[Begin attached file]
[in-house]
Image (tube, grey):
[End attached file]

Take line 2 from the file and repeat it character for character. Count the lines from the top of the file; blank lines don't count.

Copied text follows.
Image (tube, grey):